- The Oxford Handbooks of Political Science
- The Oxford Handbook of Comparative Politics
- About the Contributors
- Multicausality, Context‐Conditionality, and Endogeneity
- Historical Enquiry and Comparative Politics
- The Case Study: What it is and What it Does
- Field Research
- Is the Science of Comparative Politics Possible?
- From Case Studies to Social Science: A Strategy for Political Research
- Collective Action Theory
- War, Trade, and State Formation
- Compliance, Consent, and Legitimacy
- National Identity
- Ethnicity and Ethnic Conflict
- Mass Beliefs and Democratic Institutions
- What Causes Democratization?
- Democracy and Civic Culture
- Dictatorship: Analytical Approaches
- Rethinking Revolutions: a Neo‐Tocquevillian Perspective
- Civil Wars
- Contentious Politics and Social Movements
- Mechanisms of Globalized Protest Movements
- The Emergence of Parties and Party Systems
- Party Systems
- Voters and Parties
- Parties and Voters in Emerging Democracies
- Political Clientelism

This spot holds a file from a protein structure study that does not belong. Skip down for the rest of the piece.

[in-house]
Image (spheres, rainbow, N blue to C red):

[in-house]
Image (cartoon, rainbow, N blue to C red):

- Political Activism: New Challenges, New Opportunities
- Aggregating and Representing Political Preferences
- Electoral Systems
- Separation of Powers
- Comparative Judicial Politics
- Coalition Theory and Government Formation
- Comparative Studies of the Economy and the Vote
- Context‐Conditional Political Budget Cycles
- The Welfare State in Global Perspective
- The Poor Performance of Poor Democracies
- Accountability and the Survival of Governments
- Economic Transformation and Comparative Politics
- Subject Index
- Name Index
Abstract and Keywords
This article attempts to take stock of the state of research on democracy and culture by providing answers to several sets of questions. It seeks to improve the understanding of the relationship between culture and action, and between political culture and democratic outcomes. The article begins by exploring the way the literature has dealt with the possible meaning of culture and political culture and their relationship to action. It also suggests why there has been little contribution to democracy derived from political culture research, and identifies how the efforts to rethink how and why the subject matter is approached in certain ways led many analysts to break out of established epistemological demarcations. This eventually led to the reinvigorated tools of investigation and research on democracy and civic culture. The article concludes with a discussion on the implications of improved tools of investigation for future research.
Filippo Sabetti is Professor of Political Science, McGill University, Montreal, and Affiliated Faculty, Workshop in Political Theory and Policy Analysis, Indiana University, Bloomington, Indiana.
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